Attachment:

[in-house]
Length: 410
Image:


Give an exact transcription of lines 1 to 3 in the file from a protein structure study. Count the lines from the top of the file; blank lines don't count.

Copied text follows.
[in-house]
Length: 410
Image: